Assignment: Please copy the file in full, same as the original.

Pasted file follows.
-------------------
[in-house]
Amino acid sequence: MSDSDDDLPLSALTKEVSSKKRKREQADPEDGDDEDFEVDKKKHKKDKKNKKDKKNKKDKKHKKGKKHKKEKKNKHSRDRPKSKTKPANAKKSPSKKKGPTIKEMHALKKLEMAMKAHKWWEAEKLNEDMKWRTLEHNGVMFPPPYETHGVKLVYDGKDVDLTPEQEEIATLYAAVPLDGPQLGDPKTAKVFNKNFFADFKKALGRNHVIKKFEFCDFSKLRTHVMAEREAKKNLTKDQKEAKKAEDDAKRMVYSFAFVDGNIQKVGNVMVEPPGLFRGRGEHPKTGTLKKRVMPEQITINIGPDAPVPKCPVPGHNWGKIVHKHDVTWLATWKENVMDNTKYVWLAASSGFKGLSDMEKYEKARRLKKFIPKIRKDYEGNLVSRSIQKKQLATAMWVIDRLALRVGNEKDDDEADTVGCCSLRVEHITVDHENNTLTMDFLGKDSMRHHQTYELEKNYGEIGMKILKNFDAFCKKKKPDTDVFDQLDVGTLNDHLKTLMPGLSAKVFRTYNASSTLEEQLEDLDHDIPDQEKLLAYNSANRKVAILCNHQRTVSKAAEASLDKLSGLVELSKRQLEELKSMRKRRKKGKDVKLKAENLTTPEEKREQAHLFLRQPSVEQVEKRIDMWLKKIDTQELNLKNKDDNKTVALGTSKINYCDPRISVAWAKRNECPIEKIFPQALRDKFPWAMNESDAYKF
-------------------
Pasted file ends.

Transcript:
[in-house]
Amino acid sequence: MSDSDDDLPLSALTKEVSSKKRKREQADPEDGDDEDFEVDKKKHKKDKKNKKDKKNKKDKKHKKGKKHKKEKKNKHSRDRPKSKTKPANAKKSPSKKKGPTIKEMHALKKLEMAMKAHKWWEAEKLNEDMKWRTLEHNGVMFPPPYETHGVKLVYDGKDVDLTPEQEEIATLYAAVPLDGPQLGDPKTAKVFNKNFFADFKKALGRNHVIKKFEFCDFSKLRTHVMAEREAKKNLTKDQKEAKKAEDDAKRMVYSFAFVDGNIQKVGNVMVEPPGLFRGRGEHPKTGTLKKRVMPEQITINIGPDAPVPKCPVPGHNWGKIVHKHDVTWLATWKENVMDNTKYVWLAASSGFKGLSDMEKYEKARRLKKFIPKIRKDYEGNLVSRSIQKKQLATAMWVIDRLALRVGNEKDDDEADTVGCCSLRVEHITVDHENNTLTMDFLGKDSMRHHQTYELEKNYGEIGMKILKNFDAFCKKKKPDTDVFDQLDVGTLNDHLKTLMPGLSAKVFRTYNASSTLEEQLEDLDHDIPDQEKLLAYNSANRKVAILCNHQRTVSKAAEASLDKLSGLVELSKRQLEELKSMRKRRKKGKDVKLKAENLTTPEEKREQAHLFLRQPSVEQVEKRIDMWLKKIDTQELNLKNKDDNKTVALGTSKINYCDPRISVAWAKRNECPIEKIFPQALRDKFPWAMNESDAYKF